Hello everyone – Dr. DiMattina here. For stimulated IVF, most of the premier IVF centers around the world now only transfer frozen thawed embryos (FET). Here’s why.
Stimulated IVF continues to rapidly evolve and especially so in the last 4 years. Traditionally, in a stimulated IVF cycle, embryos are produced and a fresh embryo transferred back into the uterus. Any extra embryos are cryopreserved and stored for later embryo transfer if needed. Well that has all changed.
Modern literature confirms that IVF pregnancy rates are superior when transferring frozen-thawed embryos as compared with fresh embryos. The data is overwhelmingly strong and FET should be the preferred method of embryo transfer for most if not all patients undergoing stimulated IVF. I include a few references below for those interested.
So what’s the problem with fresh embryo transfer in a stimulated IVF cycle? It has been well demonstrated that ovarian stimulation drugs have an adverse effect on the endometrium in about 40% of patients who are stimulated. This results in an unfavorable environment for the embryo for implantation, thereby decreasing the IVF pregnancy rate. By cryopreserving the embryos and later transferring an embryo in a non-stimulated cycle, the likelihood for embryo implantation is greatly increased. The embryo freezing process is most safe. At Dominion Fertility our embryo survival rate is about 97% and there are no increased risk for birth defects. FET is safe and results in a higher chance for pregnancy. What’s not to like?
Of note, I believe that FET is most important in those patients who produce only one or two embryos. In such a circumstance where few embryos exist, one would most definitely want to transfer the embryo in the most optimal environment possible using FET rather than transferring the embryo in a less than optimal setting with a fresh embryo transfer.
Can we make IVF even more successful? Absolutely, by adding preimplantation genetic screening (PGS). One of the greatest causes of an IVF failure is that the embryo is genetically abnormal. Because of advances in embryo biopsy, the embryo can now be tested with 99% accuracy to determine if it is genetically normal or not. By transferring only the genetically normal embryo, the implantation rate is even further increased and the chances of a spontaneous abortion greatly decreased. Last October, we published an abstract showing that a 41 year- old patient has the same implantation rate as a 30 year- old patient when a PGS genetically normal embryo is transferred. In other words, a 41year- old patient has the same probability of getting pregnant as a 30 year-old patient when undergoing stimulated IVF with FET and PGS. That’s great news for all patients!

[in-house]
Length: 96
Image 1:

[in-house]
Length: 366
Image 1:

Here is an example of a patient of mine who came for infertility care after she had previously experienced 3 stimulated IVF failures using fresh embryos at another clinic. Now she has one baby and another on the way using FET and PGS.
In June 2013, this 40 year-old patient presented to my office with a history of 2 years of infertility due to a tubal factor. At her former clinic, she underwent 3 stimulated IVF cycles retrieving 11-16 eggs with 2-3 fresh embryos transferred in each cycle. No pregnancy occurred. They cryopreserved one extra embryo, which I asked her to transfer to our facility for a natural cycle FET and she became pregnant but unfortunately, this pregnancy miscarried because of Turner’s syndrome, a genetically abnormal pregnancy. I suggested another stimulated IVF adding PGS and, importantly, cryopreservation of all of her embryos. Three PGS normal embryos were produced. A single frozen-thawed PGS normal embryo was transferred in her natural menstrual cycle and in April, 2015, she delivered a healthy, genetically normal baby. Currently, she is pregnant again, now at 7 weeks gestation after another natural cycle FET of a single PGS normal embryo. So, this patient who had first failed 3 IVF treatments elsewhere with fresh embryo transfer, now has one baby and another on the way after stimulated IVF with FET and PGS using a single embryo for each transfer.
Besides increasing implantation and the chances for pregnancy, there are many other benefits of utilizing FET and PGS. Multiple pregnancy is reduced to 1% as only one embryo is needed for transfer. And the spontaneous abortion rate is greatly reduced too as only genetically normal embryos are transferred. This translates into fewer treatments in order to achieve pregnancy and makes IVF cost effective.
In summary, for stimulated IVF, use PGS and FET to optimize your IVF success! Best wishes to all! Michael DiMattina, M.D.
Shapiro BS et al, Clinical rationale for cryopreservation of entire embryo cohorts in lieu of fresh transfer. Fertil Steril. 2014:102:3-9
Gomaa H et al, Elective single embryo transfer, Is frozen better than fresh? JBRA Assist. Reprod. 2016; 20(1):3-7
Dahdouh et al. Comprehensive chromosome screening improves embryo selection: a meta-analysis. Fertil Steril. Sept, 2015